Fargo: Before The Law
October 19, 2015 10:10 PM - Season 2, Episode 2 - Subscribe

The Gerhardts get a surprising offer; two unlikely murderers do their best to clean up their mess.
posted by JimBennett (39 comments total) 5 users marked this as a favorite
 
this was a very very very good episode of television
posted by JimBennett at 10:15 PM on October 19, 2015 [4 favorites]


Enjoyed this one even more than the last; we got to see more inside the family empire, and basically of the characters in general. The scene between Hank Larsson and the Amish posse hoping to take over the syndicate was especially resonant with modern-day awareness of cops/racism, and stretched the tension out in an entertaining way.

So Kirsten Dunst (Peggy Blomquist) has pre-existing mental health issues? You know, steal some of your employer's toilet paper, leave a dead guy you hit with your car in the windshield.. that sort of thing. And her co-worker is a lesbian feminist who has the hots for her? I assume that's what the lingering shot on Durst's derriere was about (in culottes - very nice 70s touch).

And they slid in Jeff Wayne's Musical Verison of War of the Worlds (read by Richard Burton) right at the end there - nice touch that carries over the UFO appearance (?) in the first episode.
posted by joseph conrad is fully awesome at 12:06 AM on October 20, 2015 [5 favorites]


"Never trust anything came from the sea."
"We came from the sea."
posted by joseph conrad is fully awesome at 12:09 AM on October 20, 2015 [6 favorites]


And they slid in Jeff Wayne's Musical Verison of War of the Worlds...

Yeah, I liked that touch, too. The music selections have been really good, so far. That Burl Ives tune while Ed cleans the garage was especially delightful.

Loved this episode.
posted by Thorzdad at 7:02 AM on October 20, 2015 [2 favorites]


The shoe in the tree continues to resonate.
posted by We had a deal, Kyle at 8:21 AM on October 20, 2015


So great. I'm loving Bokeem Woodbine's character.

A couple of questions:

Was the mylar balloon supposed to be an explanation of the UFO that Rye saw?

Didn't Rye Gerhardt leave his car at the Waffle Hut? Why have they not run those plates and tracked him down to his house? Did I miss something?

I didn't get why Lou stopped by the butcher shop. Was it indeed just to get bacon? I felt that was a bit unnecessary, like it was only there to add an "oh shit!" moment but nothing else.
posted by bondcliff at 8:24 AM on October 20, 2015 [2 favorites]


Maybe also to suggest that Lou had a "huh, the lights are still on, that's odd" cop-hunch tingle; although if that was the case, surely Ed's jitteryiness would have tingled him harder.

Amazing contrast between this and True Detective S2; this feels incredibly sure-footed.
posted by We had a deal, Kyle at 8:55 AM on October 20, 2015 [3 favorites]


Oh, and then I read Todd VanDerWerff's Vox review:
[If] we know anything about Lou (largely via his daughter, whom we met in season one), it's that he's got a good nose for when something's not right. After a late-night conversation with his father-in-law, it's almost as if Lou's slowly circling the thought that something horrible has come to his town.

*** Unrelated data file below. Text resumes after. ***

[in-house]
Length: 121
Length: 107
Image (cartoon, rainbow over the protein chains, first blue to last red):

So why does he stop in to the butcher shop? The light's on.

[...] Fargo is, on some level, about people who are trying desperately to reestablish a status quo that they can never return to. Thus, it falls to people like Lou to realize when something is out of place, no matter how minor, and then to start tugging at that thread.
posted by We had a deal, Kyle at 8:59 AM on October 20, 2015 [3 favorites]


So why does he stop in to the butcher shop? The light's on.

Lou is actually a moth.
posted by bondcliff at 9:06 AM on October 20, 2015 [11 favorites]


"Was the mylar balloon supposed to be an explanation of the UFO that Rye saw?"

I took it that way, and then they whammy'd us with the War of the Worlds quote at the end as if to say, "Oh, did you think the balloon was the explanation? Maybe it is aliens. Or not."

What was the song in the opening credits, by the way?
posted by komara at 9:44 AM on October 20, 2015


Also, will someone with better ears (or who is about to re-watch this episode anyway) help me out here? I thought when they pulled up to the Waffle Hut that Lou told his wife to stay in the car.

... but she didn't, and then Molly saw the balloon, and then Betsy found the gun.

So if Lou did ask them to stay in the car then what do you think the writers were saying about the fact that them breaking his rule turned out to be a good thing?
posted by komara at 9:49 AM on October 20, 2015 [2 favorites]


komara...He did tell her to stay in the car. But, just because he said to stay, doesn't mean she will. Especially when it means keeping a child entertained. Every parent watching probably rolled their eyes and thought "Yeah. Like that's gonna happen." when he said to stay.
posted by Thorzdad at 10:13 AM on October 20, 2015 [1 favorite]


Well sure, I understand that, and if this were just a home video of two parents I would totally expect it. The fact that the writers wrote it that way and had him speak the line makes me think there was some further significance to it.

Or maybe that was just a small build-up to Lou telling his father-in-law that "Betsy helped solve a case ... again" (paraphrased), maybe a small inside reference to Molly taking after both her parents.
posted by komara at 10:23 AM on October 20, 2015 [1 favorite]


What's with the weird horizontal lens flair over the butcher shop at the end, and over Lou's face outside the diner?

Shouldn't the diner have been rich with flies? Food all over, blood all over? Or, whoever owns the place cleaning it like mad?

I'm really liking this show.
posted by Marky at 11:37 AM on October 20, 2015 [2 favorites]


What was the song in the opening credits, by the way?

Bobby Gentry - Reunion
posted by fearfulsymmetry at 12:18 PM on October 20, 2015 [3 favorites]


What's with the weird horizontal lens flair over the butcher shop at the end, and over Lou's face outside the diner?

Aliens
posted by fearfulsymmetry at 12:19 PM on October 20, 2015 [2 favorites]


The best thing about this show as I go into every scene expecting a horrific bloodbath
posted by fearfulsymmetry at 12:20 PM on October 20, 2015 [5 favorites]


"Shouldn't the diner have been rich with flies?"

It's the dead of winter, so I personally would not expect that.